The previous administration had banned embassies flying rainbow flags during Pride Month.

US Secretary of State nominee Antony Blinken has unveiled a shortlist of pro-LGBTQ+ commitments that the new Biden administration is pledging, in order to promote attitudes toward equality across the globe.

One of the chief pledges is a reversal on the ban on embassies flying rainbow flags during Pride Month. These had been banned by the previous administration, with former Secretary of Defence, Mark Esper, comparing them to Confederate flags, which are used to promote white supremacy.

Blinken also promised to appoint a new Special Envoy for the Human Rights of LGBTI Persons. The position was originally created in 2015 by Barack Obama, but was left unfilled after Randy Barry left the role in the early days of the Tr*mp presidency.

Blinken said that appointing the envoy was a “real urgency” after levels of LGBTQ+ violence against queer people across the globe have increased, and a record 44 trans women were murdered last year in the United States.

“We’ve seen violence directed against LGBTQI people around the world increase,” he said at a confirmation hearing. “We’ve seen, I believe, the highest number of murders of transgender people, particularly women of colour, that we’ve seen ever.

“And so I think the United States playing the role that it should be playing in standing up for and defending the rights of LGBTQI people is something that the Department is going to take on and take on immediately.”

He has also committed to repudiating the findings of former Secretary of State, Mike Pompeo’s, Commission on Unalienable Rights that some rights across the world weren’t worth defending.

Blinken’s comments come as Joe Biden’s new administration aims to improve the lives of LGBTQ+ Americans who have had rights stripped away from them over the past four years.

In his first day in office, Biden signed an executive order enforcing the Supreme Court’s landmark ruling on protections for LGBTQ+ workers. The landmark 6-3 ruling back in June ruled that federal civil rights laws protects LGBTQ+ employees from discrimination.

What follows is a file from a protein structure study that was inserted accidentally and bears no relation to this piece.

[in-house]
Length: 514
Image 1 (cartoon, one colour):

Cecilie Johnsen

In a statement, Eliza Byard, the executive director of GLSEN, said: “This order signals the new administration’s plan to advance LGBTQ+ equity through an intersectional lens that centers all of our most vulnerable communities, including LGBTQ+ people of colour, LGBTQ+ people with disabilities, and LGBTQ+ immigrants.”

White House Press Secretary, Jen Psaki, promised that more executive orders giving equality to the LGBTQ+ community were on the way.

The new administration is set to relax existing regulations and allow transgender students to access their preferred facilities in accordance with their identified gender; a rule which was implemented during Obama’s presidency.

In terms of future prospects, it’s likely Joe Biden will have other plans to put into play. A large part of the President’s campaign was the promise to deliver the Equality Act in his first 100 days in office, as well as promising to keep LGBTQ+ rights on his agenda.

It is also planning to overturn the ban on transgender people serving in the military, with the new Defence Secretary, Gen. Lloyd Austin being in favour of the move. “I support the plan to overturn the ban, I truly believe that if you’re a fit and you’re qualified to serve and you can maintain the standards, you should be allowed to serve,” he said.

Related: Joe Biden selects trans doctor Rachel Levine for assistant health secretary